Barbadians gripped by ‘culture of fear’
Political activist Cheryl Moore says Barbados is firmly locked in the grip of a culture of fear which is preventing residents from speaking out publicly on issues that affect them.
Moore, a final year student in political science and international relations at the University of the West Indies, Cave Hill, made the assertion in the wake of her participation in two demonstrations in the city, the most recent against the Municipal Solid Waste Tax.
She said attorney-at-law and political activist Robert “Bobby” Clarke, who organised the demonstrations, “is at the age where you say what you feel and think because you are almost fearless”.
“Generally persons in their late teens and early twenties are also fearless. Clarke and [David] Comissiong are both fearless and have the interest of the common man at heart. They actually believe in creating a better Barbados, which includes every person regardless of their station in life. I come from a very poor background. I do not have a godfather. I have basically done everything on my own. Under these circumstances it is difficult for me to align myself with any other world view,” she said.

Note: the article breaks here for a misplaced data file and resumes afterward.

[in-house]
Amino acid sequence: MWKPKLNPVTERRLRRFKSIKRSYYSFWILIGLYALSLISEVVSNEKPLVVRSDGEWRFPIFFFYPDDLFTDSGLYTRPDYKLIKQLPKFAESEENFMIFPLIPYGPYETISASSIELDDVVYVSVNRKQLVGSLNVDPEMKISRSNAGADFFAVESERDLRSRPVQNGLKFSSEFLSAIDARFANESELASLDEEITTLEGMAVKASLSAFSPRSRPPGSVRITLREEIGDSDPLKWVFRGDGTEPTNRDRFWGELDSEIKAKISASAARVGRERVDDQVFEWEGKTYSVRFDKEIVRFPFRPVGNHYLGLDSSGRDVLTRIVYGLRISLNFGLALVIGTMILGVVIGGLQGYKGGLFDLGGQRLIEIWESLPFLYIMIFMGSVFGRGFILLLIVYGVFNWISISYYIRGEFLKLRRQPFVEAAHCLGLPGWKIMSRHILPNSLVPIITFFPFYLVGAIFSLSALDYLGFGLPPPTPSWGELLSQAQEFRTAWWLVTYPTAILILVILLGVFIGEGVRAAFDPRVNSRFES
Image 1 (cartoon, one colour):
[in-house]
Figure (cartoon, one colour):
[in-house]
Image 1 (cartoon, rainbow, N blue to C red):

Moore, who also goes by the name Oyo Ololara, said that being self-employed gives her a measure of freedom, though this does not protect against victimisation.
“Participating in protest action is a risk you take even as a self-employed person. It is unfortunate that Barbados is the way it is. It is unfortunate that you always have to be mindful of victimisation. People should be able to air their views or get involved in whatever movement. I believe that we have to change the system of governance. Under the Westminster system of government people are confined to minimal participation in the governance of their country.”
Asked about the non-participation of her schoolmates in the demonstrations, Moore said: “Initially, some of the students wanted to participate, but their parents told them ‘look you do not know why those other students are marching. They may have their bread buttered’. These were the warnings their parents were giving them. Their parents were afraid of losing their mortgages and the cars they were driving. Parents were telling their children do not engage in any protest action because it is not the thing to do in Barbados. Not willing to speak out in your own interest is a very backward mindset. It is also a backward mindset for society at large to condemn people for wanting better for themselves.”
Meantime, Moore said she would welcome participation from the opposition Barbados Labour Party or the ruling Democratic Labour Party once there was acceptance that the policies their parties may be backward and counter-productive to long-term national development.
“When a person supports something that basically goes against them, they enslave themselves all over again. That person should ask himself the question: ‘Am I on the right side of history?’”